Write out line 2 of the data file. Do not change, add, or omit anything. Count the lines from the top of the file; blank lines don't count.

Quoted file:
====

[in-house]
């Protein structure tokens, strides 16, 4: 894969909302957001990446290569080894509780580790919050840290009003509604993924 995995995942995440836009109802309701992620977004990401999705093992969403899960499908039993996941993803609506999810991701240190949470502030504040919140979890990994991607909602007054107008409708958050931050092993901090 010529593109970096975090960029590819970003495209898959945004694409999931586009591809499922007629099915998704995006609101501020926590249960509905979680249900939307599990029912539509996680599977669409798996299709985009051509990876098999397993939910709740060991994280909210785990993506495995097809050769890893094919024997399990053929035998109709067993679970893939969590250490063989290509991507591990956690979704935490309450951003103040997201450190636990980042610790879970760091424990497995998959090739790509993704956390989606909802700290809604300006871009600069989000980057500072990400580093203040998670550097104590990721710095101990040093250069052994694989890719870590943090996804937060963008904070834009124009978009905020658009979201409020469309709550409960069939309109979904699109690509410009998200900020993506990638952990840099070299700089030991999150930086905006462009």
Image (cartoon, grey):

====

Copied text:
């Protein structure tokens, strides 16, 4: 894969909302957001990446290569080894509780580790919050840290009003509604993924 995995995942995440836009109802309701992620977004990401999705093992969403899960499908039993996941993803609506999810991701240190949470502030504040919140979890990994991607909602007054107008409708958050931050092993901090 010529593109970096975090960029590819970003495209898959945004694409999931586009591809499922007629099915998704995006609101501020926590249960509905979680249900939307599990029912539509996680599977669409798996299709985009051509990876098999397993939910709740060991994280909210785990993506495995097809050769890893094919024997399990053929035998109709067993679970893939969590250490063989290509991507591990956690979704935490309450951003103040997201450190636990980042610790879970760091424990497995998959090739790509993704956390989606909802700290809604300006871009600069989000980057500072990400580093203040998670550097104590990721710095101990040093250069052994694989890719870590943090996804937060963008904070834009124009978009905020658009979201409020469309709550409960069939309109979904699109690509410009998200900020993506990638952990840099070299700089030991999150930086905006462009």